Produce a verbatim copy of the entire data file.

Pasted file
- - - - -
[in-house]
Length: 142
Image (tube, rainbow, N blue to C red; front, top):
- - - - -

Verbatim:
[in-house]
Length: 142
Image (tube, rainbow, N blue to C red; front, top):